Pevs Protects: Rich Peverley gives back

After having his life saved through the use of an AED (Automated External Defibrillator) in March 2014, former Dallas Stars forward Rich Peverley has launched Pevs Protects in his hometown of Guelph, Ontario in hopes of saving more lives.

Steph Coratti, —

Pevs Protects Night is on Feb. 26 as the Guelph Storm host the Kitchener Rangers. Fans attending are encouraged to wear red.  

Since playing eight seasons in the National Hockey League, there’s one change to what Rich Peverley now looks for when first walking into an arena.

“I look for an AED (Automated External Defibrillator),” the former Dallas Stars’ centre said. “It’s the first thing I do when I walk into a building since going through my situation.”

That situation is referring to March 10, 2014 – a Monday night match-up between the Dallas Stars and the Columbus Blue Jackets. During the game, Peverley suffered a cardiac incident that led to his collapse on the bench.

It was eventually decided that the 2011 Stanley Cup Champion, dressing for the Boston Bruins for three seasons prior to being traded to Dallas in the summer of 2013, would have to walk away from playing the game, officially retiring in 2015 due to his heart condition.

“I tried to continue to play hockey, I exhausted every avenue,” Peverley, who currently serves as the Dallas Stars Player Development Coordinator, explained. “It just wasn’t in the cards.” 

Looking to move forward, Peverley and his wife Nathalie started with the idea of simply trying to give back. 

“Once I knew I couldn’t play anymore, it was very important to try to give back to our community in Guelph and the community in Dallas, to everybody who helped out,” Peverley said of the first steps taken outside of the game, adding that a small relationship developed with the American Heart Association to start, giving tickets to Stars’ games to people who had gone through similar situations.

“We got to know more and more people, and we thought it would be a great idea to find a way to help save people’s lives, just the way my life was saved through an AED.”

Now, less than a year after announcing his retirement, Peverley is spearheading the Pevs Protects initiative, launching based out of his hometown of Guelph, Ontario, partnering with the Heart and Stroke Foundation to raise awareness and funds for AED purchases and CPR training in the city of Guelph.

Peverley has also partnered with the Guelph Storm to host a Pevs Protects Night on Feb. 26 when the Storm play the Kitchener Rangers to raise both awareness and funds.

The initiative includes an online auction on featuring NHL jerseys signed from various players around the league that will go live prior to the Storm versus Rangers game on Feb. 26, and end seven days later (complete list of items can be found below). On the night of the game, fans are also being encouraged to wear red to show their support.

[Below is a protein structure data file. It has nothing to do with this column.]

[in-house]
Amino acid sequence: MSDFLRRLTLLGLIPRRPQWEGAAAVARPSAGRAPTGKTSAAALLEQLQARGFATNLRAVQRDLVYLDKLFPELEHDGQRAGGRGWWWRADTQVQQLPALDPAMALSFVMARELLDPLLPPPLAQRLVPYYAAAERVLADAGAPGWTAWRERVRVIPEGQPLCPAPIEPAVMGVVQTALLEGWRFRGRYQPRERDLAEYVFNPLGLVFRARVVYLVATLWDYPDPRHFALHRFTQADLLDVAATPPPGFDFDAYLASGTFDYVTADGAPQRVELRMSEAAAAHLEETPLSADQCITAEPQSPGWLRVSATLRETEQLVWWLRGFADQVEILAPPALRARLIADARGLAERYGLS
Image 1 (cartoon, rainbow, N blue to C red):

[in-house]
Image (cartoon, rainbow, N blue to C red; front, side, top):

“We just started this whole initiative and a lot of people are very motivated, just like us, to continue to get more AED’s out there,” Peverley explained, while also focusing on the importance of education and training surrounding the issue. “The heart is a very complicated muscle and cardiac arrest can happen suddenly. The only way to prepare yourself is to have an AED and to know how to use it.”

“That’s the only way you’re going to save someone’s life.”

Maintaining that goal from day one, Peverley knows the hockey community, spanning from the Dallas Stars to the Guelph Storm and all the individuals in between, is to be thanked for the progress made in such a short time with Pevs Protects. 

“For example, I didn’t play in the Ontario Hockey League,” Peverley, who was drafted by the Mississauga Steelheads in the sixth round but chose to play NCAA hockey with St. Lawrence University, explained. “But Mike Kelly, Matt Newby… the whole Storm organization has been great to give me the time and trying to accomplish what we’re trying to accomplish.” 

Meanwhile, with the two-year anniversary approaching of that life-altering day on March 10, Peverley is more than aware of the path that has led him to this point.

“There’s been a lot of thinking,” he said. “A lot of time and effort in trying to figure out exactly what was next.” 

Now, with the first Pevs Protects Night set for this coming Friday, Peverley is hoping that time and effort translates into one very important thing. 

“Maybe after going through Friday night, people will walk into a building and see where an AED is,” Peverley explained. “It starts with one community, our community, moving into another community in Ontario and then the US.” 

“My life was saved with an AED – we hope that there’s other lives that can be saved as well.”

Up to 40,000 cardiac arrests occur each year in Canada, which equates to one every 13 minutes. The majority (up to 85%) of cardiac arrests occur outside of hospitals, in public places, or in homes. Current survival rates are very low as it is estimated that only 5% of Canadians survive a cardiac arrest outside of a hospital. Fast CPR and AED use within the first minutes doubles the chance of survival which is why awareness and education around this important topic is crucial. 

About the Heart and Stroke Foundation

The Heart and Stroke Foundation’s mission is to prevent disease, save lives, and promote recovery. A volunteer-based health charity, we strive to tangibly improve the health of every Canadian family, every day.

‘Healthy lives free of heart disease and stroke. Together we will make it happen.’

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